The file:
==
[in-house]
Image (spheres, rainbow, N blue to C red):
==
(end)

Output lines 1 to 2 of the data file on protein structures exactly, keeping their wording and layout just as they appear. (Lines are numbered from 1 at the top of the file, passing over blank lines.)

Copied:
[in-house]
Image (spheres, rainbow, N blue to C red):